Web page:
Changing patterns in food supply must be addressed

AbacusBio managing director Anna Campbell is passionate about the agribusiness sector and Dunedin...
AbacusBio managing director Anna Campbell. PHOTO: GREGOR RICHARDSON
I have been reading and listening to reports and podcasts on the impact of Covid-19 on food supply and buying patterns.

It is interesting to note that most of these trends were identified as trends before Covid-19, but the pandemic has massively shifted the dial in terms of the pace of change. We are likely to see many of these shifts sustained in the Covid-19 recovery and beyond.

1. In the United States, Covid-19 has increased the dominance of the large food players such as Walmart and Amazon (which owns Whole Foods). Small grocery chains and independents, before Covid-19, made up 40% of the grocery sector — this is rapidly shrinking. Workers within the large chains are negotiating higher pay and, in general, profit margins on grocery products are decreasing. This will make it harder for small players to compete, especially without the benefits of robotics and artificial intelligence systems.

2. There has been a massive shift in consumer buying behaviour from bricks and mortar to online. Before Covid-19 in the US, less than 4% of groceries were bought online. In the first two weeks of March, one-third of US consumers bought food online, 47% claiming it was the first time that they had done so. I imagine we would see similar statistics in New Zealand. The biggest casualty in all this is the hospitality sector. In New Zealand, local cafes opening in the next few weeks will tread water at best. If we want to keep our local food entrepreneurs afloat, we need to support them for a lot longer than a few weeks.

3. There is a rally call to buy local and we will where we can — but is that possible for all of us and for all of our food? An interesting analysis was published two weeks ago in Nature Food (Kinnunen et al) where they examined staple crops from around the world (wheat, barley, rye, rice, corn, millet, sorghum, cassava and pulses). They showed that 27% of the world’s population could get their temperate cereal grains within a radius of fewer than 100km. The share was 22% for tropical cereals, 28% for rice and 27% for pulses. In the case of maize and tropical roots, the proportion was only 11-16%.

In this context, for most people in the world, living solely on “buying local” is not possible. We have seen this played out in New Zealand in staple wheat production. According to the FAO, global wheat production is expected to reach record levels in 2020. New Zealand, too, has had a good growing year and is coping well with the 500% increase in wheat demand by New Zealanders. Yet with much of our prime cropping land replaced by dairy production in the past two decades, we produce enough wheat only for the South Island. Much of the wheat consumed in the North Island is imported from Australia and unless transport costs from south to north are significantly reduced, this is unlikely to change.

On the global scene, there are reports that the UK (and other countries) are holding back grain to keep for their own supply, helping to push grain prices to season highs. “Buying local” for our full food basket is incredibly complex and costly and there are some serious economic and social considerations which need to be assessed for most products.

4. What we are buying is shifting — we are going back to the basics, desiring products such as wheat, and as we move back into our own kitchens, we have moved back to what we were brought up with in terms of cultural cooking, flavours and ingredients. On top of that, we want to do what we can to be in optimal health, should we contract Covid-19. The relationship of food and health is on the rise as sales of functional foods and nutraceuticals soar — in the words of Ian Proudfood, KPMG’s global head of agribusiness, “consumers are seeking lifestyle solutions to build immunity and minimise risk of contagion’’ and we should expect “functional and nutraceutical to go stratospheric’’.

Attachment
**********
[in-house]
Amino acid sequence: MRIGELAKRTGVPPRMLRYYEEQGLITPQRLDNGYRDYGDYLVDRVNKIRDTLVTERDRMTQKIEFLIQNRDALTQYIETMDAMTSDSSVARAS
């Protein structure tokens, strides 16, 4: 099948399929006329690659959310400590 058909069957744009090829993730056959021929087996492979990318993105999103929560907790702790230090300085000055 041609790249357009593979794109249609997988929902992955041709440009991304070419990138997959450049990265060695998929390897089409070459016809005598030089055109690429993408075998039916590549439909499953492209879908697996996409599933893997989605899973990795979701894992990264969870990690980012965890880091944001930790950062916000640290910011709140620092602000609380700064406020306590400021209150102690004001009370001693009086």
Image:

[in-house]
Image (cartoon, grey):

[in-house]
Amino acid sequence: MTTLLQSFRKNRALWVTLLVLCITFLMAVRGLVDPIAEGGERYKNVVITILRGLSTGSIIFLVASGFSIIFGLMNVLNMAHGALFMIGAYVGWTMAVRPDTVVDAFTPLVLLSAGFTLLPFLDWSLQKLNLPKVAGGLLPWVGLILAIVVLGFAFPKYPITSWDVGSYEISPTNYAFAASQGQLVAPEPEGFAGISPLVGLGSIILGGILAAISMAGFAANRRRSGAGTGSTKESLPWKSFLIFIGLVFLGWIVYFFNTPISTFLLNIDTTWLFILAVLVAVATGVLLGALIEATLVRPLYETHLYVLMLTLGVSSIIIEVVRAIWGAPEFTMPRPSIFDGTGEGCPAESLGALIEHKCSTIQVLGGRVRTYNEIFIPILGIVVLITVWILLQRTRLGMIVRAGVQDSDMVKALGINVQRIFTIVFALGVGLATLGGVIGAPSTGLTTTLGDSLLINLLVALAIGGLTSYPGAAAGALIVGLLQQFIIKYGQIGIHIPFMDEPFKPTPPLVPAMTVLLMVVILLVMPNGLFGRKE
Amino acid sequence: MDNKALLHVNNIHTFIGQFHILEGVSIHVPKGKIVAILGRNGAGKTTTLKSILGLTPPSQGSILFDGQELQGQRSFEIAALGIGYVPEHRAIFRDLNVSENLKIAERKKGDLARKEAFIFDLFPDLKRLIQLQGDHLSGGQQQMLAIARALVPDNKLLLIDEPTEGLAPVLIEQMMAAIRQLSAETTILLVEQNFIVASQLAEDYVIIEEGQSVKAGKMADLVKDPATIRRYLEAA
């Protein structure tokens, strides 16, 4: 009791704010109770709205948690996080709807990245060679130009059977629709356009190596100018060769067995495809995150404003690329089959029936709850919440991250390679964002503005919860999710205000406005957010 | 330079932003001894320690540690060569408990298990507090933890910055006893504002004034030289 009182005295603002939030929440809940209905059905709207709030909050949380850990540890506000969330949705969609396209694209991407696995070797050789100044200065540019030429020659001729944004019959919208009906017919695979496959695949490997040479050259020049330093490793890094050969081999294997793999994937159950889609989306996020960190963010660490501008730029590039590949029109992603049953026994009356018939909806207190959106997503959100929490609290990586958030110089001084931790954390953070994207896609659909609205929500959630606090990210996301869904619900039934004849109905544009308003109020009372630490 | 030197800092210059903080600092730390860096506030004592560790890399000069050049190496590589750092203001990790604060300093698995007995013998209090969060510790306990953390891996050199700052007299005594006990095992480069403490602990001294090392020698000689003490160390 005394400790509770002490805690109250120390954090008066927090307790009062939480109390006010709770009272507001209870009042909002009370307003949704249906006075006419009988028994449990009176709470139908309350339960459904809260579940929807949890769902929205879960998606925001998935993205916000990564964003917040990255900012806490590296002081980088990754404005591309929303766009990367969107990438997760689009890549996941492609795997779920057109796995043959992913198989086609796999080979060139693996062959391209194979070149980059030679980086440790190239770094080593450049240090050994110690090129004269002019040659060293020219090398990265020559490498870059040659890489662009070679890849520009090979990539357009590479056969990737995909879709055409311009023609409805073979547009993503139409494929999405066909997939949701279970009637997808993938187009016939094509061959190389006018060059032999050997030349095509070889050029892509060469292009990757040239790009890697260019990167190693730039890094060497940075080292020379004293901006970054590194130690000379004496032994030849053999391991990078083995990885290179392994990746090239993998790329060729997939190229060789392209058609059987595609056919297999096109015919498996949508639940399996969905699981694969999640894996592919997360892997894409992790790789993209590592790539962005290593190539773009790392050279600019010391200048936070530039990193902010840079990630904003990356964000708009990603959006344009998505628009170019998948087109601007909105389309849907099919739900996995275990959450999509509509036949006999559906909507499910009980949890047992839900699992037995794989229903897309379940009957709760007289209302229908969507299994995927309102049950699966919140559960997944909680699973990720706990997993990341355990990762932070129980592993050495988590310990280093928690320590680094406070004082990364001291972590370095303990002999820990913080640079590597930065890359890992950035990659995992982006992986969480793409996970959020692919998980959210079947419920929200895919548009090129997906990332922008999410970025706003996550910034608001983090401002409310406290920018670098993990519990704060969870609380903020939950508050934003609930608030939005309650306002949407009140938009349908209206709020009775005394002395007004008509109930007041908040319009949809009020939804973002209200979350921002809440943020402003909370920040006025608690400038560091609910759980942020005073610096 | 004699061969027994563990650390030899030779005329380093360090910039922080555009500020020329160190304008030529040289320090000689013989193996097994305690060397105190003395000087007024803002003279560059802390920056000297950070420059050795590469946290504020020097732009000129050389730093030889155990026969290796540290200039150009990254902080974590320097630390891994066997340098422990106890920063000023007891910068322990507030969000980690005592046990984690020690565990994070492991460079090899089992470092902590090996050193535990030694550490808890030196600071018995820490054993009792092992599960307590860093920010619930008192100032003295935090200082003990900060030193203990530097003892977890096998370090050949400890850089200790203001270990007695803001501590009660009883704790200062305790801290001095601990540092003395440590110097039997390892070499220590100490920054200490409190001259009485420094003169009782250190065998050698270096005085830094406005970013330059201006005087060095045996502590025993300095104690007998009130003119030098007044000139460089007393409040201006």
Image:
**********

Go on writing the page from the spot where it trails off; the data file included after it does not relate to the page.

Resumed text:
I have said for a long time that New Zealand food companies need to be innovating in this area — I believe this so strongly I think I will still be ranting in my grave. Let Covid-19 be the innovation catalyst for some big moves in this space from New Zealand food companies and researchers.

5. Finally, governments will look to greater protectionism of their own food supplies and we expect to see significant shifts in food trade volumes and patterns. There are examples of food supply disruption in nearly every traded food type. Using beef as an example, the China export market is opening up for New Zealand beef, not just because China is starting its Covid-19 recovery, but also because Brazil’s beef export port in Santos is an “absolute disaster” and the Argentinian Government has banned beef exports in response to local food security concerns.

Geopolitics will play a role in food supply. Relationships between the heavyweights, the United States and China, are deteriorating. As the US calls for a WHO review of China’s response to Covid-19 and Australia and others join the charge, I wonder what this will mean for the politics of food trade.

As a country, we need to talk about local food, food security and what our place is in a global food system. Our country’s leadership during the pandemic has been recognised internationally. We have an opportunity to extend the conversation from how we are dealing with Covid-19 to what we see as a better model for food supply in the world. Let’s not be afraid to step up.

■Anna Campbell is managing director of AbacusBio Ltd, a Dunedin-based agri-technology company.

 

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